Nor does Pollan mention that the Humane Society proposed an alternative to the project. The op-ed explains,

Even if we accept the premise that the Santa Cruz Island pig population really does need to be controlled or reduced, there are more humane and less draconian approaches. The Humane Society of the United States offered to help with a contraception program for pigs, using a vaccine developed by the Department of Agriculture’s National Wildlife Research Center and approved for experimental use by the Food and Drug Administration. But the Park Service and the Nature Conservancy simply said no.

While it’s true that the bit that Pollan quotes focuses on the individual pigs, Pollan would like us to believe that the individual pigs are the sole concern of the Humane Society, but that seems doubtful if the Humane Society offered to help with a contraception plan. If the animal protectionists were concerned with the individual suffering, perhaps it was because they believed that the project’s ecological goals could be accomplished with less suffering.

Now, it should also be pointed out that proponents of the pig hunt argued that the pig contraception program would not have worked. I can’t claim to know either way. Nor, for that matter, was I able to verify the claim that Tim Setnicka said the project was based on “junk science.” Nonetheless, it’s striking that Pollan chooses to ignore these questions rather than address them, taking a few words out of context to support the point he wants to make.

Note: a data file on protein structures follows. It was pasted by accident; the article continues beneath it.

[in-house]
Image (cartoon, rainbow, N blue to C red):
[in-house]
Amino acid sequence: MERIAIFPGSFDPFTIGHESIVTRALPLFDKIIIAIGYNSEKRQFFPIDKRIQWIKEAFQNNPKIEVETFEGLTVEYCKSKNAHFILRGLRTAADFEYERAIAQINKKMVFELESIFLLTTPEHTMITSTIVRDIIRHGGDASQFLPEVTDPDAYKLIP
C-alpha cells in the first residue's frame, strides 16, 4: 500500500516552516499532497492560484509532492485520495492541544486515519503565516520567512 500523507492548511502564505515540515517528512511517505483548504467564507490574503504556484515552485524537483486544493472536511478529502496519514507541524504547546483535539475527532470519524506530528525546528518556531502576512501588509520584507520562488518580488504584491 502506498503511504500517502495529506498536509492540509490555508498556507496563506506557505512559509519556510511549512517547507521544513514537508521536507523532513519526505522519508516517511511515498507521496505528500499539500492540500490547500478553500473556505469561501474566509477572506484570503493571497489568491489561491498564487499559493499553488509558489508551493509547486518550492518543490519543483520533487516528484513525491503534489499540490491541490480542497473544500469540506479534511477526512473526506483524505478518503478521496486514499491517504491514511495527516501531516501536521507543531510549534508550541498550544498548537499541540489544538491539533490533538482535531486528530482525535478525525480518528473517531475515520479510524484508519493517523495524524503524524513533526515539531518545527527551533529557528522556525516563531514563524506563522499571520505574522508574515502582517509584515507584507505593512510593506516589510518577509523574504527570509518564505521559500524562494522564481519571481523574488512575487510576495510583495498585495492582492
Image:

By basing his argument on the words of an advocacy organization, Pollan also shifts the debate from the intellectual works of the animal rights philosophers to a more politicized setting, where both sides are trying to spin the issue to win over a less informed populace. To use this political debate as an argument against the liberal individualist view is akin to trying to discredit conservative political philosophy by quoting Glenn Beck.

Instead of focusing on advocacy organizations, Pollan might have addressed the arguments in a fascinating piece by Jo-Ann Shelton, a professor in the Environmental Studies program at University of California, Santa Barbara. Shelton argues, based on the earlier eradication of feral sheep on Santa Cruz Island, that “proponents of the eradication of feral species continue to adhere to an age-old paradigm that assigns value to animals in accordance with human interests.”

Shelton questions whether an ecosystem can be effectively restored and provides evidence that the project is motivated not by ecological considerations but by human interests: